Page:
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Sunday, October 18, 2015

Sean Kelly

TADFF15: Night of the Living Deb

A ditsy wannabe reporter meets the man of her dreams right before a zombie apocalypse in Night of the Living Deb. Deb Clarington (Maria Thayer) is a very awkward news camera operator in the town of Portland, Maine. On the eve of the Fourth of July, Deb meets Chaz Waverly (Chris Marquette), the apparent man of her dreams. While the encounter initially seems to ends after a one night stand, Deb and Chaz are forced to team up when they realize that overnight Portland became swarming with zombies. As they head to the home of Chad's father Frank (Ray Wise), Deb and Chaz begin to bond during the zombie apocalypse.

It was in 2004 when Edgar Wright's Shaun of the Dead introduced the concept of the rom-zom-com (romantic zombie comedy). With a similarly pun-based title, Kyle Rankin's Night of the Living Deb also tries to combine the romantic comedy genre with a zombie apocalypse. However, the problem here is that, while Shaun of the Dead featured an equal balance of romantic comedy and zombie horror, Night of the Living Dead leans very heavily on the romantic comedy side, with the zombies spending much of the film in the background.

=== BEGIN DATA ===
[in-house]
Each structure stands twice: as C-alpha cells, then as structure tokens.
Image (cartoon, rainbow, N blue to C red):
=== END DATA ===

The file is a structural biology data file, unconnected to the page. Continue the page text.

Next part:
Night of the Living Deb is full of rom-com cliches, such as Deb's horny overweight Christmas-loving best friend Ruby (Julie Brister) and the fact that Deb has a rival for Chaz's affections in the form of his (ex-)finance Stacey (Syd Wilder). Then of course, the film does rewrite a few of the familiar zombie tropes, in order to serve the story of the film. That all said, the film does have a stand-out supporting performance by Ray Wise as Chad's brownie-loving father. Altogether, Night of the Living Deb is a rom-zom-com with too much rom-com and not enough zom.

6 / 10 stars
  WATCHABLE 

Sean Kelly

About Sean Kelly -

Sean Patrick Kelly is a self-described ├╝ber-geek, who has been an avid film lover for all his life. He graduated from York University in 2010 with an honours B.A. in Cinema and Media Studies and he likes to believe he knows what he’s talking about when he writes about film (despite occasionally going on pointless rants).